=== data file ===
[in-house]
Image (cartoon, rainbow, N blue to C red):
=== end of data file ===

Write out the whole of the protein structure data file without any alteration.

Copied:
[in-house]
Image (cartoon, rainbow, N blue to C red):